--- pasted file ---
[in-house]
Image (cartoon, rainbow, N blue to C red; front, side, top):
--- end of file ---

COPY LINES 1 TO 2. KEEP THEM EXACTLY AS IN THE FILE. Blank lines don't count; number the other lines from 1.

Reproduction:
[in-house]
Image (cartoon, rainbow, N blue to C red; front, side, top):